Using Protein Domains to Improve the Accuracy of Ab Initio Gene Finding

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Abstract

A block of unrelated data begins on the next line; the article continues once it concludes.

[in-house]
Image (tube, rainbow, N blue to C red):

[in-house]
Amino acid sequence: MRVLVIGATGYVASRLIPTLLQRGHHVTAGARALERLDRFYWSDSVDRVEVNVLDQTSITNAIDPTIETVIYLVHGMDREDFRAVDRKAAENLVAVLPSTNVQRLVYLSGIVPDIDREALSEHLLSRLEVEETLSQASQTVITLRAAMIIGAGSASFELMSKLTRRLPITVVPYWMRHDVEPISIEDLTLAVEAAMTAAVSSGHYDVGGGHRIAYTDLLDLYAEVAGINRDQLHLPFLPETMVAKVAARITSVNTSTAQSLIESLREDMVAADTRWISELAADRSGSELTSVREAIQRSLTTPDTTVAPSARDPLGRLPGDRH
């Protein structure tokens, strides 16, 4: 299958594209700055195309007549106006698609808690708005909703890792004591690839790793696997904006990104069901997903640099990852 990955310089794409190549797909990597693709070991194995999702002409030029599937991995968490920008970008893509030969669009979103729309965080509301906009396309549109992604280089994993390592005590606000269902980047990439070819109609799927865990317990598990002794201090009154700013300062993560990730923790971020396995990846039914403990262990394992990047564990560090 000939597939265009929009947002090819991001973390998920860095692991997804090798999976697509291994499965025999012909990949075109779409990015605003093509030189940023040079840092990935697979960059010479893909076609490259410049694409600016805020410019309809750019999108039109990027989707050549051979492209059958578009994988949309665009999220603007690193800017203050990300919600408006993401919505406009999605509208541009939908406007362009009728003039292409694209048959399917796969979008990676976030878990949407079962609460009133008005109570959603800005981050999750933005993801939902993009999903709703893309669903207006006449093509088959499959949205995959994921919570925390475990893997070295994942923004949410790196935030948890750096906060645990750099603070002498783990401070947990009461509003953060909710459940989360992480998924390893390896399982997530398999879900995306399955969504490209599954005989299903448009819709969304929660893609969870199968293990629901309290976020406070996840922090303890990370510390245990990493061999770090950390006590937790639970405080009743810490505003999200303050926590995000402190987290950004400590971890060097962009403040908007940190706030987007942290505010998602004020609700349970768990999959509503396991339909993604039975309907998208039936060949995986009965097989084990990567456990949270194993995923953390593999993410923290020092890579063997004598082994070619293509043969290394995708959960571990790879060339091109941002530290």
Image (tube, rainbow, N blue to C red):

Background: Protein domains are the common functional elements used by nature to generate tremendous diversity among proteins, and they are used repeatedly in different combinations across all major domains of life. In this paper we address the problem of using similarity to known protein domains in helping with the identification of genes in a DNA sequence. We have adapted the generalized hidden Markov model (GHMM) architecture of the ab intio gene finder GlimmerHMM such that a higher probability is assigned to exons that contain homologues to protein domains. To our knowledge, this domain homology based approach has not been used previously in the context of ab initio gene prediction. Results: GlimmerHMM was augmented with a protein domain module that recognizes gene structures that are similar to Pfam models. The augmented system, GlimmerHMM+, shows 2% improvement in sensitivity and a 1% increase in specificity in predicting exact gene structures compared to GlimmerHMM without this option. These results were obtained on two very different model organisms: Arabidopsis thaliana (mustard wee) and Danio rerio (zebrafish), and together these preliminary results demonstrate the value of using protein domain homology in gene prediction. The results obtained are encouraging, and we believe that a more comprehensive approach including a model that reflects the statistical characteristics of specific sets of protein domain families would result in a greater increase of the accuracy of gene prediction. GlimmerHMM and GlimmerHMM+ are freely available as open source software at http://cbcb.umd.edu/software.